Patent Judges Completely Out Of Touch With How Much Patents Hinder Technology Innovation

from the and-that's-sad dept

Last year, we were quite disappointed (but not surprised) to see former CAFC Judge Paul Michel argue publicly that we need many more patents to encourage innovation. He went so far as to suggest a tax credit for getting patents. He also argued that more patents would mean more technology jobs -- ignoring pretty much all of the research out there. CAFC, of course, is the appeals court that handles most patent appeals cases, and since its establishment has been a major part of the problem. You can trace the massive expansion of bogus patents to CAFC's views on patenting, expanding what was thought to be patentable, and generally doing tremendous harm to the important limits on such government granted monopolies.

Tim Lee recently got to talk to Michel following a talk he gave, and what becomes clear is that Michel is completely out of touch with how much of a problem patents are in the tech world today. Lee knows this subject better than probably anyone else, and when he tried to dig in on key points, it was obvious that Michel's knowledge of what actually is happening in the industry is based on myths and imagination, rather than reality. For example, when Michel pointed out that he's "a facts and figures guy" rather than one who focuses on "anecdotes and assumptions," Lee quickly points to James Bessen and Michael Meurer's comprehensive book on why patents hurt the tech industry. Michel does not appear to have actually read the book:
Some scholars have collected facts and figures. For example, a 2008 book by James Bessen and Michael Meurer attempted to compute the costs and benefits of the patent system to various industries. They found that benefits significantly exceeded costs for the pharmaceutical industry, but the costs of litigation exceeded the benefits of holding patents in many other industries. Their work suggests that the patent system has become a net disincentive to innovation in those industries. The problem was particularly severe in software.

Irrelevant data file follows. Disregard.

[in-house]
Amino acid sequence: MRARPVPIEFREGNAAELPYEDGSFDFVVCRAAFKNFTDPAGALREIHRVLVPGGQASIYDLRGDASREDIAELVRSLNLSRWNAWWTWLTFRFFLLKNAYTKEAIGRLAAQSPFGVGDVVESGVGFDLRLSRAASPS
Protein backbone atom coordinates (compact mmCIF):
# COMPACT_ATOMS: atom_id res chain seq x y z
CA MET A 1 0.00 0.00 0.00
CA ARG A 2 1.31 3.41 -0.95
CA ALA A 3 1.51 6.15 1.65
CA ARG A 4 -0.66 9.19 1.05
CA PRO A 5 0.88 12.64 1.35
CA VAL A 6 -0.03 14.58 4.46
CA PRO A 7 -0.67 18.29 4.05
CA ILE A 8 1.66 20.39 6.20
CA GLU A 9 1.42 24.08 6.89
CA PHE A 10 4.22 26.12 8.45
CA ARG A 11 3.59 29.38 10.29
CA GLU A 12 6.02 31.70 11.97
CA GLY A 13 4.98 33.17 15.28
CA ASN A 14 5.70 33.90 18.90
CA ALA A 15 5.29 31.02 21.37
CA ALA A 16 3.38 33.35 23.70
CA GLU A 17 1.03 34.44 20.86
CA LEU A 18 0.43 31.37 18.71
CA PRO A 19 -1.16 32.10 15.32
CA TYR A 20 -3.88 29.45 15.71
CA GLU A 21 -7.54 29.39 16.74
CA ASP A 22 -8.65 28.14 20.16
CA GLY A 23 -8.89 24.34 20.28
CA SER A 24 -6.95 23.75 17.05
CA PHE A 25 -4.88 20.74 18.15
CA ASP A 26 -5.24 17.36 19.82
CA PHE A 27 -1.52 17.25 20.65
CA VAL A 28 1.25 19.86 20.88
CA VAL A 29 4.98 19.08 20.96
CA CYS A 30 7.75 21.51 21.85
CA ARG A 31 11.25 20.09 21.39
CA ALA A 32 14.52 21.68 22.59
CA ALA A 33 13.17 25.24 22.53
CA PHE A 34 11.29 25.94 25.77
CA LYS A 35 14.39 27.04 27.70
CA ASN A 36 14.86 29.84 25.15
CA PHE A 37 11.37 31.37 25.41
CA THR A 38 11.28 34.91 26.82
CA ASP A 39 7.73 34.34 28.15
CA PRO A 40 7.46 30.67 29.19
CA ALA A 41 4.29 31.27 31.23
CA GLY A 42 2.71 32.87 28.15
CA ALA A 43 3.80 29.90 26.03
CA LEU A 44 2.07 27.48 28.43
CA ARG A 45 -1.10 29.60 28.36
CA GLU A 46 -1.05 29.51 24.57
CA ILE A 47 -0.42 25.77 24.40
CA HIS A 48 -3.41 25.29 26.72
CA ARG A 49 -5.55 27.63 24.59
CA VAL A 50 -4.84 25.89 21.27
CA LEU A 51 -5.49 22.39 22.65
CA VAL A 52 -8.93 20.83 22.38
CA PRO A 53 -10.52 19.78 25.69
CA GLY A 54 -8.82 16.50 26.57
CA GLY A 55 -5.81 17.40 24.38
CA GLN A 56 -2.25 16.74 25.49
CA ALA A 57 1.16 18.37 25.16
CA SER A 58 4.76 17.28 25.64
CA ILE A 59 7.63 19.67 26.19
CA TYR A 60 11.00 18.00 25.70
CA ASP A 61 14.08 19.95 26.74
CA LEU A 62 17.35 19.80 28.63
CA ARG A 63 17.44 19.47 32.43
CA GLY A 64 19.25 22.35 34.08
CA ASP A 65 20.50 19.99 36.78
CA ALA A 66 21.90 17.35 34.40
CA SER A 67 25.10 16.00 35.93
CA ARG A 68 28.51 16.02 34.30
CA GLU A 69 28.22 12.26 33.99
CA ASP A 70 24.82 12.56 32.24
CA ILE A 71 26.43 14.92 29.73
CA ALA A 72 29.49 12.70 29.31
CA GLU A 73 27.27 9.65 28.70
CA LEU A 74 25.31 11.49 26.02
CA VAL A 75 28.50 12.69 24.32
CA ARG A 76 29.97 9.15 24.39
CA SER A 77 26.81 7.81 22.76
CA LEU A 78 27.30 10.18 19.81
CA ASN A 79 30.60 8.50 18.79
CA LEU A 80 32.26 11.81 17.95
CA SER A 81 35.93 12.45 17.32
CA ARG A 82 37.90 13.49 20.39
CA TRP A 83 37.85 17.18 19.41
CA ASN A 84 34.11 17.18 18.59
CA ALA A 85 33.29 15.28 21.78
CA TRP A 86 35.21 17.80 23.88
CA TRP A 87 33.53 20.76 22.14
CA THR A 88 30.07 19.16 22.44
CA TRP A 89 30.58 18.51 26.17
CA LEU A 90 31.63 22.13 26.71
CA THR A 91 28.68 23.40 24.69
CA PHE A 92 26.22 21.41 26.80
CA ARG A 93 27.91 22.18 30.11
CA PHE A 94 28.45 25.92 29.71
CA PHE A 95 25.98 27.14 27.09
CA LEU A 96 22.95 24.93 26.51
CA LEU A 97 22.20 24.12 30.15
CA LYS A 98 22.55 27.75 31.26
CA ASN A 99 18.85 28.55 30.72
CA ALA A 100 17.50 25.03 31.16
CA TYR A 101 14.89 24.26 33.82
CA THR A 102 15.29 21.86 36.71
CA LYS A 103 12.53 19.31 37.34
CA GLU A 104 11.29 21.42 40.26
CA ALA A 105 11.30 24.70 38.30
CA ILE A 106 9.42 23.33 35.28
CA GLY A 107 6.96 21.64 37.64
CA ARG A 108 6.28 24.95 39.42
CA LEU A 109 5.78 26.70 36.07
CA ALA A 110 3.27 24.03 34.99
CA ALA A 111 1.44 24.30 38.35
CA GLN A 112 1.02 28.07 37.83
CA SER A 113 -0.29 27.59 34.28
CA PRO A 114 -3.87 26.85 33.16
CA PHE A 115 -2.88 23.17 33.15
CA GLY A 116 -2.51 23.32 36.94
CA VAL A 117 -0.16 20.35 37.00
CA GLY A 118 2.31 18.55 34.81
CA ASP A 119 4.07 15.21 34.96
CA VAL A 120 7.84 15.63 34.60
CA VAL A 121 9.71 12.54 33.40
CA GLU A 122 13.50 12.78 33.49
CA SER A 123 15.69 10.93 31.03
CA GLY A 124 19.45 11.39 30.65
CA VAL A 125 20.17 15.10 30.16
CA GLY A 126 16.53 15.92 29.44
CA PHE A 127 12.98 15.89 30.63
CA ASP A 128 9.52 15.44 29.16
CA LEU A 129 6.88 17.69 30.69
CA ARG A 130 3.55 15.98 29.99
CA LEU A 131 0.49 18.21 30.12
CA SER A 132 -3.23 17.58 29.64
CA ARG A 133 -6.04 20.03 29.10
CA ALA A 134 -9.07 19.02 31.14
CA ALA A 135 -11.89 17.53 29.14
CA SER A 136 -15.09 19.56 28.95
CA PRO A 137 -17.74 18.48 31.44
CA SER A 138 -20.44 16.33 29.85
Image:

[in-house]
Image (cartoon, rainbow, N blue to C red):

Strangely, Michel singled out Bessen and Meurer's book as an example of a text that relied too much on anecdotes and not enough on data, declaring it "very disappointing." We pressed him on this. Michel conceded the problem was less that it was too anecdotal and more that he disagreed with the book's premise—that high litigation costs were a sign the patent system wasn't working.
Indeed, anyone who claims that the Bessen and Meurer book is about anecdotes either hasn't read it or is lying. It goes through so much data and so much evidence that, at times, it's a daunting read. But what Lee's discussion with Michel shows is that, while he insists he's not about "anecdotes and assumptions," that appears to be what he's entirely about. This comes to light quite clearly when Michel finally suggests that if software patents are so bad for innovation, that software companies can just "opt out":

Judge Michel seemed unaware of the depth of the software industry's dissatisfaction with the patent system. He suggested the patent system's critics were relatively marginal figures not representative of the views of the broader technology industry. And he didn't seem to understand the dynamics of the patent arms race currently affecting the software industry.

"If software is less dependent on patents, fine then. Let software use patents less as they choose," Michel said. "If other industries are terribly dependent on patents, then let's not wreck the system just because software people are unhappy."

I don't know if Michel has ever spent any time around the startup community, but the vast majority of entrepreneurs I talk to would absolutely love to "use patents less." But they can't. Because there are all sorts of patent lawyers and trolls who get patents on all sorts of crap and then sue these companies. You can't just opt out. How the hell do you opt out of getting sued by a bogus patent troll?

Lee notes that current CAFC chief judge Randall Rader was at the same event and complained about how unfortunate it was that "the patent system [is] coming under attack." We've written about Judge Rader before, and he seems equally out of touch -- simply refusing to believe that there are significant problems with the patent system. As Lee notes, these judges don't actually have the slightest clue what actually happens in the world of technology and innovation. Instead, their worldview is filtered through the very distorting lens of patent attorneys who profit off of the system:
Rader and Michel's perspectives are likely skewed by the fact they spent their time on the bench surrounded by patent lawyers (who by definition work with firms that have the resources to hire patent attorneys). For the typical software-producing firm, patent lawyers are simply too expensive. Most firms never get patents, and they typically settle patent claims rather than taking them to court. As a result, Judges Michel and Rader rarely hear from smaller firms for whom the patent system is nothing but a burden.
It would be nice if there were some way to teach judges about what's actually happening out in the world, rather than the very, very distorted view they get on the bench.

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